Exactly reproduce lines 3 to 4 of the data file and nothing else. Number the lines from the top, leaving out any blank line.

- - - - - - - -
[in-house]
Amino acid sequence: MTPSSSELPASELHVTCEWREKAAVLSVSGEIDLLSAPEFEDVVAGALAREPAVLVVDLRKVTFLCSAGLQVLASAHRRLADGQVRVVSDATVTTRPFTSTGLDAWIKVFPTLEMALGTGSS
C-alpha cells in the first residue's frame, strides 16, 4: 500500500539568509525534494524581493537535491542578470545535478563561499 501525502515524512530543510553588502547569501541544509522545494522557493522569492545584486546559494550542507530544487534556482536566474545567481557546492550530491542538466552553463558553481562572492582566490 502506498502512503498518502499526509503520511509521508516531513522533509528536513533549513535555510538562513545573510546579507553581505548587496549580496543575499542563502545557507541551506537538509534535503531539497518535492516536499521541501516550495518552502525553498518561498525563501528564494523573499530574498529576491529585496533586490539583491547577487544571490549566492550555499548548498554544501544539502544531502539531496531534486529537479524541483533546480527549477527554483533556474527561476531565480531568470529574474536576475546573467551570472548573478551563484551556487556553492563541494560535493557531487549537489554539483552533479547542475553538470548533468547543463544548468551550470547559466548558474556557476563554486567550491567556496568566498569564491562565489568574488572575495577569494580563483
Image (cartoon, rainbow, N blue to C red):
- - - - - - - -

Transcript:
C-alpha cells in the first residue's frame, strides 16, 4: 500500500539568509525534494524581493537535491542578470545535478563561499 501525502515524512530543510553588502547569501541544509522545494522557493522569492545584486546559494550542507530544487534556482536566474545567481557546492550530491542538466552553463558553481562572492582566490 502506498502512503498518502499526509503520511509521508516531513522533509528536513533549513535555510538562513545573510546579507553581505548587496549580496543575499542563502545557507541551506537538509534535503531539497518535492516536499521541501516550495518552502525553498518561498525563501528564494523573499530574498529576491529585496533586490539583491547577487544571490549566492550555499548548498554544501544539502544531502539531496531534486529537479524541483533546480527549477527554483533556474527561476531565480531568470529574474536576475546573467551570472548573478551563484551556487556553492563541494560535493557531487549537489554539483552533479547542475553538470548533468547543463544548468551550470547559466548558474556557476563554486567550491567556496568566498569564491562565489568574488572575495577569494580563483
Image (cartoon, rainbow, N blue to C red):